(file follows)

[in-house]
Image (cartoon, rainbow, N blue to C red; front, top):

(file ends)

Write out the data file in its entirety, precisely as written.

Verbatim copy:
[in-house]
Image (cartoon, rainbow, N blue to C red; front, top):